Financial literacy 101: Chequing versus savings

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Picture this—you’re 15-years-old and the spring flu has your teacher down for the count. The friendly substitute teacher rolls in a clunky TV and you know Bill Nye is about to drop some knowledge.

If only Bill Nye the Science Guy told us how to balance our budgets.

Most schools don’t offer a class that focuses on smart saving, spending, and budgeting your money. Whether you see yourself as a big spender or seasoned saver, everyone can benefit from a financial refresher.

Today, we are bringing it back to the basics. As part of a three-part series on financial literacy, let’s begin with the differences between the two types of accounts that you’ll likely use the most: chequing and savings.


Your chequing account is your go-to for day-to-day transactions. Think of it as the starting point for the money you’ve got coming in, like your paycheck, and the place you’ll be taking money out of to make purchases or to pay your bills. Your chequing account will also include lots of ways to access your money, from taking out cash at an ATM to making payments online. Because this is the place where your money is coming in and out of regularly, these types of accounts often include a set number of transactions in exchange for a monthly fee.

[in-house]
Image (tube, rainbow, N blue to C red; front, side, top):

Financial institutions offer lots of different chequing account options, ranging from no or low-fee accounts with just a few transactions included to all-inclusive packages with no transaction limits. What makes the most sense for you will depend on your individual spending habits, so it’s a good plan to have a sense of how you like to access your money and what you have coming in and out of the account.


Your savings account, on the other hand, is about putting money away and keeping it safe. It’s a great place to save any extra money that you don’t need to access right away—especially because savings accounts allow you to earn interest over time. This means, that on top of what you have saved, you will periodically earn a little extra based on the amount you’ve put away and the interest rate attached to your account.

Your savings account is a good place to put emergency funds or to put away money for a big purchase and, like your chequing account, there are lots of choices available. Most savings accounts don’t charge a monthly fee. Just keep in mind that because savings accounts are meant to be accessed less frequently, most financial institutions will often limit the amount of times you can withdraw from your account for free. But the more money you have and the longer it sits in your account, the more interest you’ll accrue.

Whether you are new to the world of managing your money or see yourself as a budgeting veteran, the smartest money move is talking to a financial expert. Your local credit union can help guide you through your finances and set you up for success.

Contact your nearest credit union to help you ace the basics.